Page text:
Sarah Storey

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Sarah Storey or Dame Sarah Joanne Storey is a British gold medal winning Paralympic athlete in cycling and swimming, British track cycle champion, a motivational speaker, and sports coach.[1]
Storey began competing internationally aged just 14, which resulted in bullying at school, and she devloped disordered eating as a result, then chronic fatigue syndrome a few years after.[2]

Storey fully recovered, and by 2020 she had became Britain's most decorated British Paralympian, with 17 gold medals won across eight different Paralympics. Storey is now in her 40s, still competing in elite competitions, having returned to full fitness twice more, after the birth of her two children.[3]

Early life[edit | edit source]

Dame Sarah Storey: Your Questions Answered, British Cycling (2020)

Storey was born in Manchester, UK and swam from a young age. She was born without a functioning left hand and did not find this obstacle in her early years.[4] She swam first with her junior school, and then with a local swimming club, before entering a gala in order to qualify to race at a higher level.[4]

Bullying and disordered eating[edit | edit source]

In 2018, Dame Storey described being bullied as a teenager immediately after competing in her first Paralympics at age 14. As a result, Storey began to avoid eating, losing weight and developing disordered eating. With help from her doctor, she recovered and continued competing while at school.[4]

When you win five gold medals before your 19th birthday people assume you’re invincible, but I ended up with chronic fatigue syndrome.[5] — Sarah Storey, Q&A with Dame Sarah Storey, Cyclist (2021)

Chronic fatigue syndrome[edit | edit source]

Sarah Storey became ill in her late teens with mononucleosis followed by Post-Viral Fatigue, which then developed into chronic fatigue syndrome.[3][2] Storey was ill with chronic fatigue for four years during her early swimming career, which left her unable to swim.[2]

"At that time, I was pretty much called a failure by the people in charge of swimming," she says. "I didn't successfully defend my world titles in 1998. I didn't warm up, I didn't swim, I literally ran and fell asleep on the physiotherapist's bed I was so exhausted. It was me with post-viral fatigue. I had to gradually rebuild myself by spending only five minutes a day in the water. So when I won three world titles in 2002, I felt like it was a great triumph..."
"I guess in able-bodied sport that would have been covered, the descents I had gone through and the distance I had climbed. It showed that I could still give a lot, physically and mentally. It also gave me a platform to support athletes who have had Covid-19 in the past 18 months. Along with some of those I mentored, I tried to prevent post-viral fatigue from turning into chronic fatigue syndrome, as it did with me." — The New Zealand Times, 2021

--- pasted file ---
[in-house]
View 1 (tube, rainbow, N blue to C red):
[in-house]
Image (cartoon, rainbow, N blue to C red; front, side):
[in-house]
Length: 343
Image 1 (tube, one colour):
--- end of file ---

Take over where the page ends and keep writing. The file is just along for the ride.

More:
Switch to cycling[edit | edit source]

Storey switched sports from swimming to cycling, after persistent ear infections in 2005 kept her from swimming. As a swimmer, Storey's races lasted no more than five minutes, but as a cyclist they last up to four hours, needing considerably more endurance.[5] As a cyclist, Storey competes and wins in both able bodied and disabled classifications, particularly in track cycling events.[1]

Talks and interviews[edit | edit source]

Paralymics[edit | edit source]

  • Barcelona 1992 (swimming)
  • Atlanta 1996 (swimming)
  • Sydney 2000 (swimming)
  • Athens 2004 (swimming)
  • Beijing 2008 (cycling)
  • London 2012 (cycling)
  • Rio 2016 (cycling)
  • Tokyo 2020 (cycling)

Awards and honors[edit | edit source]

  • 1998, MBE
  • 1998, OBE
  • 2009, DBE, becoming Dame Sarah Storey.[1]

Online presence[edit | edit source]

See also[edit | edit source]

Learn more[edit | edit source]

References[edit | edit source]

  1. 1.01.11.2 "Dame Sarah Storey OBE - Great Britain Cycling Team Rider Profile". British Cycling. Retrieved December 18, 2021.
  2. 2.02.12.2 "Exclusive Interview with Dame Sarah Storey: "Surviving the School Bully has equipped me for the challenges ahead"". The New Zealand Times. December 6, 2021.
  3. 3.03.1 "Dame Sarah Storey: Your Questions Answered". YouTube. British Cycling. June 22, 2020.
  4. 4.04.14.2 Thurstom, Emma (January 12, 2021). "Dame Sarah Storey speaks about her experience of bullying and disordered eating". Sky Sports. Retrieved December 17, 2021.
  5. 5.05.1 "Q&A: Dame Sarah Storey". Cyclist. September 3, 2021. Retrieved December 18, 2021.

The information provided at this site is not intended to diagnose or treat any illness.
From MEpedia, a crowd-sourced encyclopedia of ME and CFS science and history.